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Friday, June 8, 2018

Keesha Jackson-Muir of Braddock Elementary named FCPS 2018 Outstanding Principal

Jackson-Muir [FCPS]
Two of the top three awards announced at the Fairfax County Public Schools honors ceremony went to educators in the Annandale/Mason District Area.

Braddock Elementary School Principal Keesha Jackson-Muir was  named Fairfax County Public Schools 2018 Outstanding Principal, and Alissa Oginsky, a sixth-grade teacher at Holmes Middle School was named 2018 Outstanding Secondary Teacher.

Among other award winners in the Annandale/Mason area, Emily McCloud, a math teacher at Stuart High School, was named Outstanding New Secondary Teacher, and Nelson Villalobos, a safety and security assistant at Frost Middle School, was named Outstanding School-based Support Employee.

Jackson-Muir was cited for supporting a coding program for students in grades preK-5, the Kids Are Scientists Too initiative with Thomas Jefferson High School for Science and Technology, VEX IQ Robotics, and the Global STEAM (science, technology, engineering, art, and math) Classroom, a partnership with schools in Guatemala.

A strong supporter of lifelong learning, Jackson-Muir modeled that concept by joining the fifth-grade band and learning to play the clarinet along other first-year band students.

She was also praised for cultivating leadership in others, developing a professional learning community, increasing the number of minority students participating in the local level IV Advanced Academic Program from two students to more than 150, and increasing Virginia Standards of Learning scores by 10-20 points.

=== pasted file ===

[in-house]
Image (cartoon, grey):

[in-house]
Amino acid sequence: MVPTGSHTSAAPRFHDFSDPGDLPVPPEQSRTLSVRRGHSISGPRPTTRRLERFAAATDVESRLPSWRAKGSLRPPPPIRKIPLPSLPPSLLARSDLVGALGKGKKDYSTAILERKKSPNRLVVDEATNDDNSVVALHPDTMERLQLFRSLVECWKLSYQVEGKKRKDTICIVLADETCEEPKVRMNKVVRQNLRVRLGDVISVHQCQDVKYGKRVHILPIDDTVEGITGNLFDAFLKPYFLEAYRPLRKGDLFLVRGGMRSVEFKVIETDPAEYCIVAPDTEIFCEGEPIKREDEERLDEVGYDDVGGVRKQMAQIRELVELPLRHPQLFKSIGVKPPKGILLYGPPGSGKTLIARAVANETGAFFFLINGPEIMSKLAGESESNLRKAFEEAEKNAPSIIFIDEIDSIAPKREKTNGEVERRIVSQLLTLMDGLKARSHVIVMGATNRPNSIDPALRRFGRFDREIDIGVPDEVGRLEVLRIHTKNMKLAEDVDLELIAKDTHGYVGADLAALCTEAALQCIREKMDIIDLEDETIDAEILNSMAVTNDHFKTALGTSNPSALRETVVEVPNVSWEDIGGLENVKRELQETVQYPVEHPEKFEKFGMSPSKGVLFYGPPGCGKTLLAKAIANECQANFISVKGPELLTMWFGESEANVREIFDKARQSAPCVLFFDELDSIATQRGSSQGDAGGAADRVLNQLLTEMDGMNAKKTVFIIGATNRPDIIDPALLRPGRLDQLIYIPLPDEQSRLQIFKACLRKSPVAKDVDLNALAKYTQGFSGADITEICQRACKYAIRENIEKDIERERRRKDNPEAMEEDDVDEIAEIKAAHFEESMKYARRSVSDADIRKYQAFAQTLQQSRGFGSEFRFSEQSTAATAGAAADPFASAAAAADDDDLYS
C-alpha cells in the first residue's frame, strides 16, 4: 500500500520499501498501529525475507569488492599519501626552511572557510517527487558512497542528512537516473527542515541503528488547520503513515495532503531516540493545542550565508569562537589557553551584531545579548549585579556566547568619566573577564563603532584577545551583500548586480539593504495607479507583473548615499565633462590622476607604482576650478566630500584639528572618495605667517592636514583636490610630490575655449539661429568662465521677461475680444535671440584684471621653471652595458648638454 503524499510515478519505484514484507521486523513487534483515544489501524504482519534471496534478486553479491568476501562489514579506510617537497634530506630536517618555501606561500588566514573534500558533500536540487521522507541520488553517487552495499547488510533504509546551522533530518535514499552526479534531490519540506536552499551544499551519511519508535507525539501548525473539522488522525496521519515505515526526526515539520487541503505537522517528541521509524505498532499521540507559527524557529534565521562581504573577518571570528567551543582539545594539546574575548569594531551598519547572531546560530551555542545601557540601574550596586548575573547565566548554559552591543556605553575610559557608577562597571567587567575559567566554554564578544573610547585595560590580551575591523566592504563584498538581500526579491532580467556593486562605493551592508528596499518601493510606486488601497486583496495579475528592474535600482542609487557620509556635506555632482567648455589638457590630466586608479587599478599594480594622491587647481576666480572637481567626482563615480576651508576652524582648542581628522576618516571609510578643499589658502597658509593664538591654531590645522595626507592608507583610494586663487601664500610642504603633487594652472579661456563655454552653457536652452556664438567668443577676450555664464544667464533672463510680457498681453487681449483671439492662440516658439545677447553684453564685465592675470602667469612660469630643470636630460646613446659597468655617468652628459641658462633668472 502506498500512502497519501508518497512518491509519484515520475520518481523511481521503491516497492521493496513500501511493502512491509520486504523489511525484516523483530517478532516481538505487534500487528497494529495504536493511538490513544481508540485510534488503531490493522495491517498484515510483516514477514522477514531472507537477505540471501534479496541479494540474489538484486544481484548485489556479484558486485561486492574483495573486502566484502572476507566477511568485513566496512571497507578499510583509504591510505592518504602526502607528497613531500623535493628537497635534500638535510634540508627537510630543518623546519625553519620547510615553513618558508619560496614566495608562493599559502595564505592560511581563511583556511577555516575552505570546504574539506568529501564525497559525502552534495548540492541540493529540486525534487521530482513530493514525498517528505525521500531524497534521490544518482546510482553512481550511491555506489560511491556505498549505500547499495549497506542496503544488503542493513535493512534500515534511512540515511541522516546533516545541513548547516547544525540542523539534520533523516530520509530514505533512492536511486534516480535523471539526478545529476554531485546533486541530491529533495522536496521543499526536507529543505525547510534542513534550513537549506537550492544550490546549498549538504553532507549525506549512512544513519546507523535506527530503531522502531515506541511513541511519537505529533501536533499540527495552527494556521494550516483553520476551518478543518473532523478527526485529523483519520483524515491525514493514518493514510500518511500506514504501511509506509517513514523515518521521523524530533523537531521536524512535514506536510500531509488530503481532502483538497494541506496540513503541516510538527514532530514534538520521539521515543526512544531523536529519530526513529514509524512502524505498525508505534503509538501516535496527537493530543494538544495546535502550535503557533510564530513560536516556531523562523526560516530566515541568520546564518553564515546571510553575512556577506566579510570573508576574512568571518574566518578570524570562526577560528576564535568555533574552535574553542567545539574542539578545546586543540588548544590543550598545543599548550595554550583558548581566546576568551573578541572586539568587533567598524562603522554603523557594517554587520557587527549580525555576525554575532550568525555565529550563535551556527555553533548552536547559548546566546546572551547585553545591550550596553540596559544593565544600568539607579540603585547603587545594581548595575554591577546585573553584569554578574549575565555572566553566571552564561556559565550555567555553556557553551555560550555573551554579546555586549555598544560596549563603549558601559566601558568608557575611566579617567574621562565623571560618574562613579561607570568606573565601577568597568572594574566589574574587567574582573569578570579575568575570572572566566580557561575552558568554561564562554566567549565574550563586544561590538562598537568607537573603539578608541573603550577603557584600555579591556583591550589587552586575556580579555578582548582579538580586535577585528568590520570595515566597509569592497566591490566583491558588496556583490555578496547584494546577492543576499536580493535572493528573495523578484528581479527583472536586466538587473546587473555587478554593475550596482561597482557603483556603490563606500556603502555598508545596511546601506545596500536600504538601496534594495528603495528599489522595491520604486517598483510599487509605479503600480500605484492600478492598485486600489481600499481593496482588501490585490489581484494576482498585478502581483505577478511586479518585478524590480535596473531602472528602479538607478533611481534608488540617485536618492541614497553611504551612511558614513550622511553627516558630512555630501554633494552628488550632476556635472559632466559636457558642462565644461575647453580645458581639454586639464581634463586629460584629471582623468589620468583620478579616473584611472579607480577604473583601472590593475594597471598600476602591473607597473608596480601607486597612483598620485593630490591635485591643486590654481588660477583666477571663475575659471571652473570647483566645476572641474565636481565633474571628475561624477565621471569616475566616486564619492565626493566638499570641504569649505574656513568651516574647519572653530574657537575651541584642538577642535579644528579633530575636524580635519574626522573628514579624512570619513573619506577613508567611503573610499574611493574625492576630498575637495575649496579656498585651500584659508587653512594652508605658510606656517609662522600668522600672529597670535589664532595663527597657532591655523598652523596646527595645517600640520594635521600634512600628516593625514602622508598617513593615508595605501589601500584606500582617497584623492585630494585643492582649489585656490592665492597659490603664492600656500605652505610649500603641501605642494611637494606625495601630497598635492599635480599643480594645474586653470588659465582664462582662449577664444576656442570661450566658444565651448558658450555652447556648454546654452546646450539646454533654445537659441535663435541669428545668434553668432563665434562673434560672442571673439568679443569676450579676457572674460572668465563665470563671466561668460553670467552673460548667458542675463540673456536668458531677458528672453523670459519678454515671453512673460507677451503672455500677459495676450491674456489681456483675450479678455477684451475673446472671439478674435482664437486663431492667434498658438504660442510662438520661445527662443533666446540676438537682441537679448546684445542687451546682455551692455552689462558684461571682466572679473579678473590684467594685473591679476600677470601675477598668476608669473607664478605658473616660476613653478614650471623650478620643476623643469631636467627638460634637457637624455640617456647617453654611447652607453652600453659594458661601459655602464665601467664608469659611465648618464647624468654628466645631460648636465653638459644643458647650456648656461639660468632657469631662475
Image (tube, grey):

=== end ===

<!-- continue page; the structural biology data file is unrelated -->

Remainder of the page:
Before Jackson-Muir was appointed Braddock principal in 2014, she had been an assistant principal at Parklawn and Hayfield elementary schools, a LEAD Fairfax administrative intern at Belvedere Elementary School, and a gifted and talented specialist at Fort Belvoir and Beech Tree elementary schools.

Oginsky [FCPS]
Oginsky, a social studies lead teacher, was praised for sharing resources with and providing professional learning opportunities for her colleagues at Holmes.

She makes her classes come alive through the use of primary sources. Her students get to touch artifacts from West Africa, analyze portraits from the colonial time period, and interact with maps from the Age of Exploration through the Civil War.

Holmes Principal Margaret Barnes called Oginsky a “dynamic teacher who actively engages her students in rigorous learning experiences each day” and “connects students to larger, global concepts to make what they are learning relevant to their everyday lives.”

As an example, Oginsky worked with students to research the school’s history to create a timeline display for Holmes’ 50th anniversary.

The FCPS 2018 Outstanding Elementary Teacher award went to Mary Bauer of Orange Hunt Elementary School in Springfield.

1 comment:

  1. This is great news. Braddock has really turned around.